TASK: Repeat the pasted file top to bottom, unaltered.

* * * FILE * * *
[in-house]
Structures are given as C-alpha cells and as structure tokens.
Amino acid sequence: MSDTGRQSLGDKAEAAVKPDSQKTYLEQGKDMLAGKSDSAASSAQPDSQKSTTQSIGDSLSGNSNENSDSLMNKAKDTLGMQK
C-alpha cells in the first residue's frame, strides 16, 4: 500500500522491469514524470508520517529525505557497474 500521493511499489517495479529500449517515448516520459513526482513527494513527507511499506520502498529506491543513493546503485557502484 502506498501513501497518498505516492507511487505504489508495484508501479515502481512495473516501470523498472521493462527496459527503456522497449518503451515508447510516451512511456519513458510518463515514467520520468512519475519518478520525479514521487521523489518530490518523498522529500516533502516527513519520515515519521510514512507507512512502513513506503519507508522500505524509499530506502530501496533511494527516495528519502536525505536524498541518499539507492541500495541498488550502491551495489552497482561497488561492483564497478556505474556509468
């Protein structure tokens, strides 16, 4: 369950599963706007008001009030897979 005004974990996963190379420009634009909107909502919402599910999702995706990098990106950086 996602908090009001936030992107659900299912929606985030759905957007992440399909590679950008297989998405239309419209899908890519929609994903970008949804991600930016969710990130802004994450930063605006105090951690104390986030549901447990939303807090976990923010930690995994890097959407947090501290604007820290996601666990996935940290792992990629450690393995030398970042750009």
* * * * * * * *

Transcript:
[in-house]
Structures are given as C-alpha cells and as structure tokens.
Amino acid sequence: MSDTGRQSLGDKAEAAVKPDSQKTYLEQGKDMLAGKSDSAASSAQPDSQKSTTQSIGDSLSGNSNENSDSLMNKAKDTLGMQK
C-alpha cells in the first residue's frame, strides 16, 4: 500500500522491469514524470508520517529525505557497474 500521493511499489517495479529500449517515448516520459513526482513527494513527507511499506520502498529506491543513493546503485557502484 502506498501513501497518498505516492507511487505504489508495484508501479515502481512495473516501470523498472521493462527496459527503456522497449518503451515508447510516451512511456519513458510518463515514467520520468512519475519518478520525479514521487521523489518530490518523498522529500516533502516527513519520515515519521510514512507507512512502513513506503519507508522500505524509499530506502530501496533511494527516495528519502536525505536524498541518499539507492541500495541498488550502491551495489552497482561497488561492483564497478556505474556509468
């Protein structure tokens, strides 16, 4: 369950599963706007008001009030897979 005004974990996963190379420009634009909107909502919402599910999702995706990098990106950086 996602908090009001936030992107659900299912929606985030759905957007992440399909590679950008297989998405239309419209899908890519929609994903970008949804991600930016969710990130802004994450930063605006105090951690104390986030549901447990939303807090976990923010930690995994890097959407947090501290604007820290996601666990996935940290792992990629450690393995030398970042750009």